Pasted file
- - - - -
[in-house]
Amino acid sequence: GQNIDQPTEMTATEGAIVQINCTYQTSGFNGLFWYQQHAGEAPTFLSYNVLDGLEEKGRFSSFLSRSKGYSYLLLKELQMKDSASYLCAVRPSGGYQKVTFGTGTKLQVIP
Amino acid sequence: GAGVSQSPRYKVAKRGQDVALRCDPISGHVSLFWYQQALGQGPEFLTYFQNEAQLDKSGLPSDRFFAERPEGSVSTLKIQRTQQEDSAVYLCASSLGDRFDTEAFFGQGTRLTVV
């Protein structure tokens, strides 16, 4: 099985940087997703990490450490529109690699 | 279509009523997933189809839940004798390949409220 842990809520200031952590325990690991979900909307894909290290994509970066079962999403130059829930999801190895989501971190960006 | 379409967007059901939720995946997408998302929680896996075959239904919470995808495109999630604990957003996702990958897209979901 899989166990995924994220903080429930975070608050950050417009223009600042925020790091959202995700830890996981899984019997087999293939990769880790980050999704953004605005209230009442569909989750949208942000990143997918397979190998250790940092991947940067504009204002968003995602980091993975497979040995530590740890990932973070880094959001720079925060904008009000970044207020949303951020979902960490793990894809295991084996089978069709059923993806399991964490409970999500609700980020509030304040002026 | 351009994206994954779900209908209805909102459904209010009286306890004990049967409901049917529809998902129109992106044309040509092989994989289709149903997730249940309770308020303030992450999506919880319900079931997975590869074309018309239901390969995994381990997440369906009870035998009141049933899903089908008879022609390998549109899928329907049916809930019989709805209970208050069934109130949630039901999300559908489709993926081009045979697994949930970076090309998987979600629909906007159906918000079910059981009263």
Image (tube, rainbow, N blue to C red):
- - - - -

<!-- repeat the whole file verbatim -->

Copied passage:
[in-house]
Amino acid sequence: GQNIDQPTEMTATEGAIVQINCTYQTSGFNGLFWYQQHAGEAPTFLSYNVLDGLEEKGRFSSFLSRSKGYSYLLLKELQMKDSASYLCAVRPSGGYQKVTFGTGTKLQVIP
Amino acid sequence: GAGVSQSPRYKVAKRGQDVALRCDPISGHVSLFWYQQALGQGPEFLTYFQNEAQLDKSGLPSDRFFAERPEGSVSTLKIQRTQQEDSAVYLCASSLGDRFDTEAFFGQGTRLTVV
């Protein structure tokens, strides 16, 4: 099985940087997703990490450490529109690699 | 279509009523997933189809839940004798390949409220 842990809520200031952590325990690991979900909307894909290290994509970066079962999403130059829930999801190895989501971190960006 | 379409967007059901939720995946997408998302929680896996075959239904919470995808495109999630604990957003996702990958897209979901 899989166990995924994220903080429930975070608050950050417009223009600042925020790091959202995700830890996981899984019997087999293939990769880790980050999704953004605005209230009442569909989750949208942000990143997918397979190998250790940092991947940067504009204002968003995602980091993975497979040995530590740890990932973070880094959001720079925060904008009000970044207020949303951020979902960490793990894809295991084996089978069709059923993806399991964490409970999500609700980020509030304040002026 | 351009994206994954779900209908209805909102459904209010009286306890004990049967409901049917529809998902129109992106044309040509092989994989289709149903997730249940309770308020303030992450999506919880319900079931997975590869074309018309239901390969995994381990997440369906009870035998009141049933899903089908008879022609390998549109899928329907049916809930019989709805209970208050069934109130949630039901999300559908489709993926081009045979697994949930970076090309998987979600629909906007159906918000079910059981009263």
Image (tube, rainbow, N blue to C red):